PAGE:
Tupac Hologram: Industry Experts Sound Off on Coachella Technology
When Tupac Shakur was killed 15 years ago, the hip-hop community mourned the loss of a visionary knowing that he'd never touch another mic or rock another stage. On Sunday night (April 15) at the Coachella Valley Music and Arts Annual Festival in Indio, Calif., 'Pac was resurrected, performing alongside Dr. Dre and Snoop Dogg, his former labelmates. The hologram took on the exact form of the rapper, down to his muscle definition, vocal inflection and baggy denims.
Getty Images for Coachella
The crowd screamed their approval, but when the Tupac hologram shouted, "What the fuck is up Coachella?" the roar intensified, making the line between spooky fantasy and reality even more blurred. Even those who weren't in attendance at the festival were taken aback by the moment. From design experts to editors at entertainment magazines, the experience was memorable when simply watching from a computer screen.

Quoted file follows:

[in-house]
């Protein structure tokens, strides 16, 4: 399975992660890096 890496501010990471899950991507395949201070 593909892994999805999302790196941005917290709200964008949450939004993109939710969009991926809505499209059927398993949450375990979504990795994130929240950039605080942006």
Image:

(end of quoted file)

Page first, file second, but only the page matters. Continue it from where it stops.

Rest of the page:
"I did not see phantom 'Pac in-person, but the YouTube video alone gave me chills," Vibe magazine music editor John Kennedy tells The BoomBox. "There he is, Tupac Shakur. Throwing up dubs. Flipping birds. Crotch-thrusting. And then, poof -- he's ghost. After grasping random things in my apartment -- the coffee table, couch, myself -- to ensure they were real, the awesomeness of Tupac's 'Pepper's Ghost' hit me. Wow. This is incredible."
Last year, when Meek Mill boasted of Tupac's return on his Rick Ross-assisted hit "Tupac Back," no one could have imagined it actually happening, much less onstage in the middle of the California desert. "Why'd Tupac decide to make a public appearance at the Coachella Festival?" Dallas Penn of the Combat Jack Show quips. "Hip-hop